Friday, February 6, 2009

Abysmal ignorance is no excuse Part One

Recent posts by two blogs commenting on the media coverage (See Self Evident Truths and US Political Scene) and subsequent comments concerning California's Proposition 8 controversy have prompted four (there may be more) observations:

1. Notwithstanding the prior rulings of the California Supreme Court, presently, the supporters of same-sex marriage are legally not being denied civil rights.

The attacks on The Church of Jesus Christ of Latter-day Saints and other religious organizations and churches center around the idea that through their support of Proposition 8, those who advocate same-sex marriage have been denied their civil rights. A civil right is an enforceable right or privilege, which if interfered with by another gives rise to an action for injury. Examples of civil rights are freedom of speech, press, assembly, the right to vote, freedom from involuntary servitude, and the right to equality in public places. Civil rights are, by definition, not inherent, they are a creation of law. Neither are they simply desires, wants, wishes or feelings.

The current Constitutional law in California states, "Only marriage between a man and a woman is valid or recognized in California." Therefore, there is no "civil right" to an alternative definition of marriage because a same-sex marriage is not an enforceable right or privilege according to the current law. If a law is repealed or superseded by another law, any rights granted under the previous law or laws do not exist. As an example of this principle that the "right" has no separate existence from the law, in 1870 the Utah Territorial legislature passed an act giving women the right to vote becoming the first state or territory to give women the right to vote. However, the Federal Edmunds-Tucker Act took away the right to vote in 1887. Finally, with support of the LDS Church, the right to vote was granted again in 1895. Notwithstanding any and all arguments about the fundamental nature of the right to vote, that "right" only existed as long as the law supporting it existed.

Civil marriage is a relationship defined by law. In some states, a man and a woman can live together, holding themselves out as spouses, for a specific statutory time period and obtain the legal benefits of a marriage without complying with the formal registration requirements. Such a marriage is often called a "common law" marriage. The existence of such a relationship points out the fact that marriage is not a civil right, but a creation of law. Here, I am not talking about religious beliefs. A person may have some fundamental beliefs about marriage originating in a religious belief about the relationship, but our legal system has long held that religious practices that impair the public interest do not fall under the first amendment. If marriage was or is the result of the existence of some identifiable civil right, then Reynolds v. United States would have to be overruled and to my knowledge, Reynolds is still good law in the United States.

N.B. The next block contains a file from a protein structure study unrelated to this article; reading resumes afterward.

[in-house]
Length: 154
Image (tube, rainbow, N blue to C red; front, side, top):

The real question as to whether or not same-sex marriage involves some kind of "civil right" is whether or not a person who chooses a same-sex relationship thereby acquires some right or privilege not present before that person's voluntary choice? In other words, can anyone voluntarily acquire a "civil right?" If civil marriage is a creation of law and not a civil right, then only those complying with the law can have a marriage and a person's voluntary choice not to comply with the law does not give rise to any rights at all.

Put another way, can a person choose to be subject to discrimination and still complain of the discrimination? Even another way to put the question is if a person chooses not to marry at all, can that person claim discrimination merely because married couples are treated differently than a single person? What if a person was once married and then his or her spouse dies or there is a divorce? Does a widow/widower or divorcee have a right to claim discrimination merely because there is a category of married vs. unmarried? Why is there a married vs. unmarried category? Why not treat everyone as an individual rather than have a category of marriage at all? But that is the subject of another analysis. Is a person who chooses to work and therefore pays taxes, discriminated against as compared to a person who chooses not to work and therefor pays no taxes? Every time a law is passed, the law makes a discrimination between those who are subject to the law and those who are not. Those who are not subject to the law cannot argue that they have some "right" to receive the benefits (and assume the liabilities) of the law merely by virtue of the fact that they do not fall under its provisions including its definitions.

There is no legal difference between a single individual and one living in a same-sex marriage except in those jurisdictions that either recognize same-sex marriage or have defined some sort of domestic partnership arrangement. Why aren't single individuals marching in the streets to get the same consideration as married couples or domestic partners? Could it be that all of the laws are not particularly favorable to married couples and that there are some advantages to being single?Medicare is available only to those over 65 years of age. Is the rest of the population thereby denied a civil right? That is, a right to have affordable medical care? (I am sure that there would be arguments to that effect). But if I do not wish to have Medicare coverage at age 65 I do not have to enroll. If I choose not obtain Medicare coverage, can I then complain that I am being denied a civil right?

Summarizing, marriage is a creation of law. It is not an inherent state or characteristic. I can choose to be married or not. I cannot choose to be a specific race. Likewise, I cannot choose my national origin. Some would argue that I can choose my religion, but that is another discussion. Religion is specifically recognized by our Constitution as a basic right. Civil rights are also creations of law, as such, the "right" begins with the creation of the law and ends when the law is changed. Marriage is not the kind of legally created relationship that is the subject of a claim of civil right to marry. To hold otherwise would change the existing law in the U.S. going back to, at least, 1878.